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another fine night at The Italian

another fine night at The Italian

Looking back over the years I suppose our default place to get together to celebrate family events – birthdays, anniversary’s, christenings etc is The Italian in Romiley.

Last night was another of those occasions – Richards 30th birthday and so once again we found ourselves at The Italian – and as ever Alex and the team were brilliant.

Taking account of Daniel, Emma and Harry meant Richard had booked us in fairly early on Wednesday evening, the children were excited to see Richard and brought him cards they had made and gifts they had bought.

Pat and I had made sure we were there a little early so as to hand over Ricard’s birthday cake to be presented to hm later on.

It was no surprise at all that the service was good, the food was great and all within a pleasant environment – which added up to another decent evening and yet another family occasion shared at The Italian.

Anyone that knows Richard will know that he can always find a minute (or two) to talk about football – and I’m guessing Alex has been waylaid on more that one occasion to talk football with Richard … after the lights had been dimmed, Happy Birthday sung and the cake cut – Alex presented Richard with a Napoli away shirt – a perfect end to another nice evening.

No doubt we will be back there again to celebrate the next family event and in between times I’m pretty certain that we will be there (perhaps not all together) just to enjoy a really decent bite to eat. Well done and thanks to Alex and the team.

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great trip to lincoln … part 1

great trip to lincoln … part 1

We were away for a few days last week with my parents in Lincoln.  We stayed in Newport on the Sunday evening so as to make for a short journey to Cardiff first thing Monday morning, and decided to book into the Hampton by Hilton hotel just a few miles off the M4 motorway.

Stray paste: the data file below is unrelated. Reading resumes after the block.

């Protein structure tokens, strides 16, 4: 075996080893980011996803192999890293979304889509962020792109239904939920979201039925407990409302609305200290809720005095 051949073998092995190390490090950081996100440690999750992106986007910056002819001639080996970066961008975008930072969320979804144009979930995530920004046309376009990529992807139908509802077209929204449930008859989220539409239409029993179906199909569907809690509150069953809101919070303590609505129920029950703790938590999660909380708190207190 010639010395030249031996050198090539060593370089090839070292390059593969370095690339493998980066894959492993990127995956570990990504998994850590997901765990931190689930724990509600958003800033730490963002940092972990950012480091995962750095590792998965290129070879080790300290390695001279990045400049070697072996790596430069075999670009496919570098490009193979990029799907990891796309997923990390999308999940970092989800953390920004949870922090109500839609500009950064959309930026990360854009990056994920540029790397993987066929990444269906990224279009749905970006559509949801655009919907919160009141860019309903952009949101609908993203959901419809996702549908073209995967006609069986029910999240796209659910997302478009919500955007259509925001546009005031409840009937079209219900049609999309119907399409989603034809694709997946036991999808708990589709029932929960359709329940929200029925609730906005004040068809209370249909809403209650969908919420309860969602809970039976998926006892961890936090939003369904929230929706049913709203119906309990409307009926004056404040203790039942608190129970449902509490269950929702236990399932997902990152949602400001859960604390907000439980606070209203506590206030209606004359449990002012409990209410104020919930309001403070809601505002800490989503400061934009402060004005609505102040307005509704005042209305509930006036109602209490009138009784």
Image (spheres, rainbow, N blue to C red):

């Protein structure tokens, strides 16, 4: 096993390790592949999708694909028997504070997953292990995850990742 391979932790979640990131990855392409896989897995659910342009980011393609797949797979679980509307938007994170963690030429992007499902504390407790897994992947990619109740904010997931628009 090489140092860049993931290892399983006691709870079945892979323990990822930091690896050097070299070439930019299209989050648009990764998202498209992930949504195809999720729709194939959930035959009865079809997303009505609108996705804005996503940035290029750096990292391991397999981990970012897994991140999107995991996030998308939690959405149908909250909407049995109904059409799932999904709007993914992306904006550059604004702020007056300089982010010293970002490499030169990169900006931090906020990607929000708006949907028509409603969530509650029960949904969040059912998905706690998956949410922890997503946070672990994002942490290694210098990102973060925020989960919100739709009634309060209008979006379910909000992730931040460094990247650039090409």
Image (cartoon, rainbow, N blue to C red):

It’s not a chain that we had used before but based on our first experience there we will certainly use them again for this type of stop. Decent accommodation, decent breakfast, good parking and extremely good value – and in our opinion compared more than favorably with Premier Inns and Travel Lodge accommodation.

After picking up my parents – Monday saw us drive around 200 miles to Lincoln, broken only by a decent stop at Butlers Coffee House located in a Grade II-listed former butcher’s shop in Bingham (Nottinghamshire) and about 30 miles of so from the accommodation we had rented at No 24 Church Lane,

Our accommodation was perfectly located very – close to the Cathedral Quarter and really is the proverbial stones throw from the cathedral and castle.  The hosts Dan and Rosie just couldn’t have been more helpful from booking through to arrival. The accommodation is ideal for four people, superbly fitted out and full of lovely touches – the sort that make all the difference and make for a very pleasant and comfortable stay.

In fact I would go so far as to say that if you’re planing on visiting and staying over in Lincoln this place should be high on your list when checking availability – I’d be surprised if my wife and I don’t stay there again at some point in the future.

Monday afternoon saw us head off for a walk towards the very pretty Bailgate and Steep Hill area for a wander and browse around the place before we took refreshments in the Magna Carta public house.

Once suitably refreshed we continued to wander and headed into the simply magnificent cathedral – which by any measure is a must see place if visiting Lincoln.

Building work on the cathedral started in 1088 and for a period of 238 years (between 1311 and 1549) it was actually the tallest building in the world. It’s an impressive and inspiring place and we really enjoyed our visit there, in fact the Victorian writer John Ruskin once said of it:  “I have always held… that the cathedral of Lincoln is out and out the most precious piece of architecture in the British Isles and roughly speaking worth any two other cathedrals we have.”